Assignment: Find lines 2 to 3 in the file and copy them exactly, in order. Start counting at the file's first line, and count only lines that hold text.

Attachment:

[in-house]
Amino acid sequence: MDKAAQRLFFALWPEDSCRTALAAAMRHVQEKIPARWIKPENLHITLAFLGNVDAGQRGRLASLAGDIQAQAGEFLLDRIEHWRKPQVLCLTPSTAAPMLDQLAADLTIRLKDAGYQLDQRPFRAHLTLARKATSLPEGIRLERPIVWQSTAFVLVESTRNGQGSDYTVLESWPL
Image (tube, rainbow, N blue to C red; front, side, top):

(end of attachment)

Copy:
Amino acid sequence: MDKAAQRLFFALWPEDSCRTALAAAMRHVQEKIPARWIKPENLHITLAFLGNVDAGQRGRLASLAGDIQAQAGEFLLDRIEHWRKPQVLCLTPSTAAPMLDQLAADLTIRLKDAGYQLDQRPFRAHLTLARKATSLPEGIRLERPIVWQSTAFVLVESTRNGQGSDYTVLESWPL
Image (tube, rainbow, N blue to C red; front, side, top):